About 18 months ago, at age 79, I gave myself a new process: memorize 30 poems in five languages. I’m about halfway there—I’ve figured out 15 poems in 4 languages. Did I give myself this task for the reason that I worry about my cognitive decrease? Was I seeking to “pave new neural streets,” as Lisa Genova writes in “Remember: The Science of Memory and the Artwork of Forgetting”?
Like many People in america, I’ve seen dementia up close and personalized. My wife’s stepmother went from forgetful to paranoid to zombielike. Given that there is no history of dementia in my family, I really do not give it much imagined, yet 6 months in the past I had an unsettling senior second: I could not assume of the phrase “scone.” I said to my wife: “You know these mouth watering not-too-sweet factors we frequently had in London?” She replied: “Scone?”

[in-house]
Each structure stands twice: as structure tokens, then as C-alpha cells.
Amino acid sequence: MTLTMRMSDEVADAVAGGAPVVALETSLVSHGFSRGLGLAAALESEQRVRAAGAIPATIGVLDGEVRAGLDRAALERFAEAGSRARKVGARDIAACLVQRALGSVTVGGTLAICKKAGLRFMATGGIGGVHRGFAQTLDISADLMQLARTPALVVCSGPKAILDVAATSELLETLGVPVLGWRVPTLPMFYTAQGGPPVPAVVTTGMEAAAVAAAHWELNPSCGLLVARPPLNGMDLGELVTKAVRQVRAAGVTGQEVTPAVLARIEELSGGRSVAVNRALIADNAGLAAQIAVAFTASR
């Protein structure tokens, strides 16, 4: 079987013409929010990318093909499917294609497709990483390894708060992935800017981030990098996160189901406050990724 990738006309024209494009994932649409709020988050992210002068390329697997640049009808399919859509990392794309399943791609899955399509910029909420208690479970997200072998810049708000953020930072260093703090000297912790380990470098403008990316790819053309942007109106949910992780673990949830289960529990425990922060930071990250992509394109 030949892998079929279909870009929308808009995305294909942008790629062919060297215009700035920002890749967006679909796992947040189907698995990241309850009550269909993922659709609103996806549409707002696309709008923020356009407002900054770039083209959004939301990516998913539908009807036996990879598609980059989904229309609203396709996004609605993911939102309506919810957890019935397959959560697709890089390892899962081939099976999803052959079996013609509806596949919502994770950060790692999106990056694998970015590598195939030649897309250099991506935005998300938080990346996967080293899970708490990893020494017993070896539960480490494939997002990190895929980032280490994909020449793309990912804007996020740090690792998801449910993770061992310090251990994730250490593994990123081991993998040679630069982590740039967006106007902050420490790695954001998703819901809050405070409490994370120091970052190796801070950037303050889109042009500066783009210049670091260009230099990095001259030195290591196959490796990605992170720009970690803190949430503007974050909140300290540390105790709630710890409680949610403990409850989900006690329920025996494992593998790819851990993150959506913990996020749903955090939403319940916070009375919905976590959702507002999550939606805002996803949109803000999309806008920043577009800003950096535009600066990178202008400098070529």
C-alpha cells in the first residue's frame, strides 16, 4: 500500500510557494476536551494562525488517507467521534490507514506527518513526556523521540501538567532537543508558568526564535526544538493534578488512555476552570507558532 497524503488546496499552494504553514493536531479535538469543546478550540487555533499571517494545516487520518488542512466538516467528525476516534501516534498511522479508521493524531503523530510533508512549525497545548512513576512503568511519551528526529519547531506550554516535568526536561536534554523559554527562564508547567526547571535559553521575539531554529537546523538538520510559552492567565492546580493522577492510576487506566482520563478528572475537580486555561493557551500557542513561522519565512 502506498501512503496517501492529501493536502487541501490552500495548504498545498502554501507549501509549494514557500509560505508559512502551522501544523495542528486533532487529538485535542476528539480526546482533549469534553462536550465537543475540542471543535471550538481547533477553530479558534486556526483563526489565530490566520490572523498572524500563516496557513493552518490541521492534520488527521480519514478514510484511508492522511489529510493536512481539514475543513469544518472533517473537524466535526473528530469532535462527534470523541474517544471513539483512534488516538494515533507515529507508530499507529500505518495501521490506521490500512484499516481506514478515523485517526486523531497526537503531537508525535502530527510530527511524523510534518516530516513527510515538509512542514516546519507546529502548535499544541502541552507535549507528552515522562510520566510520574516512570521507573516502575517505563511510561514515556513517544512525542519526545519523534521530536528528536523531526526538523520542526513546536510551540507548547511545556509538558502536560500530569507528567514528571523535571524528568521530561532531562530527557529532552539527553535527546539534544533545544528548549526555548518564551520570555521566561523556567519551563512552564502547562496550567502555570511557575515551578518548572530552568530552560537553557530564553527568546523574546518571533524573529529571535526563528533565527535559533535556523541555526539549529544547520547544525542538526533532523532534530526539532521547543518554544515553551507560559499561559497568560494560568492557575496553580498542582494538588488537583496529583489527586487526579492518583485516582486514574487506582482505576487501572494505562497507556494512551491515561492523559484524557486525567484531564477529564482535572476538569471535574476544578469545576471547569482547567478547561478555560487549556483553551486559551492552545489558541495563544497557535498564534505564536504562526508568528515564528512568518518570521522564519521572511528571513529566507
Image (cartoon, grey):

It doesn’t bother me that I ignore people’s names or where I place my eyeglasses, but forgetting the word for one thing I like to eat was disturbing. A couple of months later on I could not assume of the name of the Italian soup I love—cioppino. It arrived to thoughts just after an hour.
But my choice to memorize poems had practically nothing to do with forgetting terms for food stuff. I gave myself this challenge following looking through the New York Situations ’s obituary of the literary critic Harold Bloom, who died in Oct 2019. In accordance to the obituary, Bloom claimed he could recite “the total of Shakespeare, Milton’s ‘Paradise Dropped,’ all of William Blake, the Hebraic Bible and Edmund Spenser’s ‘The Faerie Queene.’ ” If Bloom could memorize numerous epic poems, certainly I could memorize 30 limited ones.
The last time I memorized poetry was in superior college, when I had to recite Macbeth’s soliloquy that begins: “Tomorrow and tomorrow and tomorrow.” Ms. Genova, who is a few decades more youthful than I am, states that she as well had to memorize it in substantial school.